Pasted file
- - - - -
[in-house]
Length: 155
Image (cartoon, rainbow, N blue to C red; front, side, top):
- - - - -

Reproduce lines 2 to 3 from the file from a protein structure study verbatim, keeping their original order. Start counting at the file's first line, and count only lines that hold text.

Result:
Length: 155
Image (cartoon, rainbow, N blue to C red; front, side, top):